Book Review: The Purity Myth

The Purity Myth by Jessica Valenti is a must-read for young women, and anyone who may ever be the parent of a young woman. The author explores the “Cult of Virginity” and the effects it has on today’s young women. In valuing women solely for their unpenetrated state, this movement does exactly what it purports to abhor: it turns them into sex objects.

This has far-reaching effects. One need only look towards teen pop-idols to see how Britney Spears, Miley Cyrus, and the Jonas Brothers went from popular (and sexy) “purity” champions to suddenly becoming tabloid fodder when they dared to assert their own sexuality. The backlash against Britney and Miley was especially vicious as it became apparent that these young women were no longer “pure” young women who writhed on stage in revealing outfits, but were “girls gone wild” who writhed on stage in revealing outfits. The only difference between these two viewpoints? They were publicly living with their long-term boyfriends.

The Cult of Virginity has reached our lawmakers as well. Women’s rights are continually battered by the efforts of legislators to limit access to scientifically accurate sexual education, contraception, and abortion. They allow federal funding for “purity balls”, where girls as young as six pledge to their fathers that they will remain sexually abstinent until they marry a man that their father approves of. Legislators seem to feel that they must “protect” the poor young women from anything that might prevent these same women from choosing when they want to have sex or bear a child. Although The Purity Myth was written in 2009, we are still fighting the same battles, just three years later.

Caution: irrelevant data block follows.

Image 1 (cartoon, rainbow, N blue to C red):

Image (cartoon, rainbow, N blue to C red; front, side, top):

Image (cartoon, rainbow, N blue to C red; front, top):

I don’t want to reveal all the details of The Purity Myth, but I would like to encourage you to purchase it via Amazon.com, and read it from cover to cover. If you purchase it via this link, you can also help support Nice Girls. The Purity Myth: How America’s Obsession with Virginity Is Hurting Young Women

Posted on March 12, 2012, in Book Reviews and tagged , , , , . Bookmark the permalink. 1 Comment.

  1. I’m going to find a used paperback either at the library or on Amazon, b/c I can tell this is one for the home library!

Tell me what you think.

Fill in your details below or click an icon to log in:

WordPress.com Logo

You are commenting using your WordPress.com account. Log Out / Change )

Twitter picture

You are commenting using your Twitter account. Log Out / Change )

Facebook photo

You are commenting using your Facebook account. Log Out / Change )

Google+ photo

You are commenting using your Google+ account. Log Out / Change )

Connecting to %s

Follow

Get every new post delivered to your Inbox.

Join 1,930 other followers

%d bloggers like this: